Tweet July 12, 2018 8:00 pm
FILE PHOTO: The logo of Uber is seen on an iPad, during a news conference to announce Uber resumes ride-hailing service, in Taipei
Liane Hornsey’s exit came after an anonymous employee, emailing Uber’s whistle-blower account and chief legal officer Tony West, threatened to go public with grievances if the company didn’t take action. The whistle-blower accused Hornsey of dismissing internal allegations of racial discrimination.
Chief executive Dara Khosrowshahi announced Hornsey’s departure in a staff email.
Her resignation came just after she led an offsite gathering for HR employees on Tuesday.
“I know this comes a little out of the blue for some of you, but I have been thinking about this for a while,” Hornsey said in an email to her team.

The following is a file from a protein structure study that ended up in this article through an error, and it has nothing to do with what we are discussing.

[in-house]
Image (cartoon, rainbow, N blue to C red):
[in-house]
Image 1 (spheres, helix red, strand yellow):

Uber declined to comment, while Hornsey wasn’t immediately available for comment.
Hornsey arrived at the world’s largest ride-hailing company in January last year, just a month before former Uber software engineer Susan Fowler published an explosive blog post chronicling the sexual harassment that she faced at the cab e-hailing company.
In June that year, Uber co-founder Travis Kalanick resigned as the chief executive amid a number of scandals, including accusations that Uber fostered a hostile workplace culture.
Hornsey had initially defended Kalanick and the company, only to later promise that Uber would reform under a new chief executive.
That made her a divisive figure among employees who either thought Uber had changed too much, and others who reckoned it had changed too little.
For his part, Khosrowshahi praised Hornsey’s leadership during her 18 months at the company.
Categorised in: Business
This post was written by CTLive